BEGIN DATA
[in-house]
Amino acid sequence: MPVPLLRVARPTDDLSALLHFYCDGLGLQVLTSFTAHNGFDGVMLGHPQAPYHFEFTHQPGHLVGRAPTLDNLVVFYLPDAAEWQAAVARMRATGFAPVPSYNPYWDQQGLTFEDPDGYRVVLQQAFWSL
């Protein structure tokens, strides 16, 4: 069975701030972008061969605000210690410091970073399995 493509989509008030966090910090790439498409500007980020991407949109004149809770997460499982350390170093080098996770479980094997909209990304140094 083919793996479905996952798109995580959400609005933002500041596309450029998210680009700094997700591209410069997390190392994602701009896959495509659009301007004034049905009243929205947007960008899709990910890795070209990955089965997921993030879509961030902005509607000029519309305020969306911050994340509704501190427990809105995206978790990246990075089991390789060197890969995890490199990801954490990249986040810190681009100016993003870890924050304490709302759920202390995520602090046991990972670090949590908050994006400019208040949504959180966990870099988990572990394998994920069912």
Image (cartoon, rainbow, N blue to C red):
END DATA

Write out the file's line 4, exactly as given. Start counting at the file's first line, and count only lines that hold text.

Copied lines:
Image (cartoon, rainbow, N blue to C red):